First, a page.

Published August 07, 2010
Want to see the technology of the future? Just watch the nerds at play.
A group of engineers in Austin, Texas, has posted a series of wacky projects on YouTube demonstrating the zany fun of experimental technology -- think video games you can control with your eyes or cars you can pilot using just an iPhone app.
It can all be done, and the geeks will show us the way.
Dubbed Waterloo Labs (after the original name of Austin), the group uses existing, off-the-shelf technology -- and a lot of imagination -- to create extraordinary things. The engineers then post their geeky stunts on the video-sharing website, along with instructions on how to do it yourself.
"We're phone support technicians by day and mad scientists by night," said Hunter Smith, an applications engineer and one of four team leaders at Waterloo Labs. Smith and his cohorts work for National Instruments, meaning the group has access to the company's equipment and technology, with support from their bosses for the after-hours projects.
Waterloo Labs' latest creation is the eyeMario, a Rube Goldberg-like patchwork of hardware and software that allows you to play the popular Nintendo game Mario Bros (or any game for the NES game console) with just the movements of your eyes. In the funky system, electrodes attached to your face detect voltage changes in the skin caused by eye rotations.
The system was based on National Instruments Singleboard RIO computer board, a Nintendo game system, and software the collective created using their company's LabView program. The result: a video game that goes way, way beyond hand-held motion controllers by letting players make Mario jump simply by glancing up or having him jog by just looking to the right.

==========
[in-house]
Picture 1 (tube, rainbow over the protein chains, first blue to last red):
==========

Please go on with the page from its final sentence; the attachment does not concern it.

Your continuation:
Waterloo Labs -- the company's motto is "Engineering a whole lot of Awesome" -- also garnered notoriety for its iPhone-controlled car.
Sitting (and occasionally standing) on the roof of an Oldsmobile Delta 88 that they bought for $300 on Craigslist, the engineers drove the vehicle simply by sliding their fingers on the iPhone's touch screen. The remote-controlled car worked just like something in a Hollywood special effects scene, but the engineers used readily available parts -- such as motors ripped from the car's own power windows, a wrench to depress the gas pedal, and a motorcycle chain to turn the steering column.
"We could have just tapped into the car's computer," admits Smith, "but we wanted to make it really approachable."
So what's next for the young mad scientists? A flying video game? A riderless motorcycle? Smith says the group is considering about 30 different projects. Many end up being chosen simply for the challenge of disproving skeptics who say it can't be done.
"But our main goal," says Smith, "is to make it fun."